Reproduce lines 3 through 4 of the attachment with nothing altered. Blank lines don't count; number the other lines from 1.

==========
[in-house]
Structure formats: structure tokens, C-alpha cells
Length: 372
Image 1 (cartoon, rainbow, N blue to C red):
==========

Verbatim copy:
Length: 372
Image 1 (cartoon, rainbow, N blue to C red):